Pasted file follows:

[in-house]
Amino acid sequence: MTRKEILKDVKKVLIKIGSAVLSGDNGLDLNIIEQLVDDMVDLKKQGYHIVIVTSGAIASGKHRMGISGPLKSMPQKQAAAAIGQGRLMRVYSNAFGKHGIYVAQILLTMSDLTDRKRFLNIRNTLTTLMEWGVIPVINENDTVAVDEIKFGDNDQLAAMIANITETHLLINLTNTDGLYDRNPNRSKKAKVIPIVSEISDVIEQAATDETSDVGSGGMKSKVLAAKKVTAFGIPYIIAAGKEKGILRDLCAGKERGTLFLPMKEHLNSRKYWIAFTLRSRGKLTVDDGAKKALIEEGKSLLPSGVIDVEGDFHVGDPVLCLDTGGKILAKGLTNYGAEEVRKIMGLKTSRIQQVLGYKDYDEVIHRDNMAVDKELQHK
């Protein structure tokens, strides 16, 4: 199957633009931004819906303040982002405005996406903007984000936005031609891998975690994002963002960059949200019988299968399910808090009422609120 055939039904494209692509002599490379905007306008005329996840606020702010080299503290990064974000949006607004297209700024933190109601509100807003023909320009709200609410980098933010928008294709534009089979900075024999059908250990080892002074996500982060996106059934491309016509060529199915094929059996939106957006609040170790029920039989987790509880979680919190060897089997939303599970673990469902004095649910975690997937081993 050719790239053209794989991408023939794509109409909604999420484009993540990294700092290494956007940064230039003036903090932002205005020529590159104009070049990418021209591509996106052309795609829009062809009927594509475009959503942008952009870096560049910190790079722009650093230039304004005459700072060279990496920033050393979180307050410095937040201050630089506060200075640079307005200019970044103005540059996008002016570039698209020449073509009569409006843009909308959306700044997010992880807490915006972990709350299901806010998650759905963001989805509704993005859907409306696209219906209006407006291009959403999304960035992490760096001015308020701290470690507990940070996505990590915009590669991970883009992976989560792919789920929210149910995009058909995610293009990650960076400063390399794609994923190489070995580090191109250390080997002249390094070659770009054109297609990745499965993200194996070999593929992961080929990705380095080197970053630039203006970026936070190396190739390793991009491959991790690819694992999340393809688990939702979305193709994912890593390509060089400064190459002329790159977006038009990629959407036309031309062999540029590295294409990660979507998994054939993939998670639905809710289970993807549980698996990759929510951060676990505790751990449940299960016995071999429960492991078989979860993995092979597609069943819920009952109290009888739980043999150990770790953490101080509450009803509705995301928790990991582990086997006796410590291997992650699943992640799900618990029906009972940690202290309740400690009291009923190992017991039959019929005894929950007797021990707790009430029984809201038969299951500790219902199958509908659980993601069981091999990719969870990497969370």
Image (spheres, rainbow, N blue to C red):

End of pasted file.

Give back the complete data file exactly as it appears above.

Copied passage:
[in-house]
Amino acid sequence: MTRKEILKDVKKVLIKIGSAVLSGDNGLDLNIIEQLVDDMVDLKKQGYHIVIVTSGAIASGKHRMGISGPLKSMPQKQAAAAIGQGRLMRVYSNAFGKHGIYVAQILLTMSDLTDRKRFLNIRNTLTTLMEWGVIPVINENDTVAVDEIKFGDNDQLAAMIANITETHLLINLTNTDGLYDRNPNRSKKAKVIPIVSEISDVIEQAATDETSDVGSGGMKSKVLAAKKVTAFGIPYIIAAGKEKGILRDLCAGKERGTLFLPMKEHLNSRKYWIAFTLRSRGKLTVDDGAKKALIEEGKSLLPSGVIDVEGDFHVGDPVLCLDTGGKILAKGLTNYGAEEVRKIMGLKTSRIQQVLGYKDYDEVIHRDNMAVDKELQHK
């Protein structure tokens, strides 16, 4: 199957633009931004819906303040982002405005996406903007984000936005031609891998975690994002963002960059949200019988299968399910808090009422609120 055939039904494209692509002599490379905007306008005329996840606020702010080299503290990064974000949006607004297209700024933190109601509100807003023909320009709200609410980098933010928008294709534009089979900075024999059908250990080892002074996500982060996106059934491309016509060529199915094929059996939106957006609040170790029920039989987790509880979680919190060897089997939303599970673990469902004095649910975690997937081993 050719790239053209794989991408023939794509109409909604999420484009993540990294700092290494956007940064230039003036903090932002205005020529590159104009070049990418021209591509996106052309795609829009062809009927594509475009959503942008952009870096560049910190790079722009650093230039304004005459700072060279990496920033050393979180307050410095937040201050630089506060200075640079307005200019970044103005540059996008002016570039698209020449073509009569409006843009909308959306700044997010992880807490915006972990709350299901806010998650759905963001989805509704993005859907409306696209219906209006407006291009959403999304960035992490760096001015308020701290470690507990940070996505990590915009590669991970883009992976989560792919789920929210149910995009058909995610293009990650960076400063390399794609994923190489070995580090191109250390080997002249390094070659770009054109297609990745499965993200194996070999593929992961080929990705380095080197970053630039203006970026936070190396190739390793991009491959991790690819694992999340393809688990939702979305193709994912890593390509060089400064190459002329790159977006038009990629959407036309031309062999540029590295294409990660979507998994054939993939998670639905809710289970993807549980698996990759929510951060676990505790751990449940299960016995071999429960492991078989979860993995092979597609069943819920009952109290009888739980043999150990770790953490101080509450009803509705995301928790990991582990086997006796410590291997992650699943992640799900618990029906009972940690202290309740400690009291009923190992017991039959019929005894929950007797021990707790009430029984809201038969299951500790219902199958509908659980993601069981091999990719969870990497969370």
Image (spheres, rainbow, N blue to C red):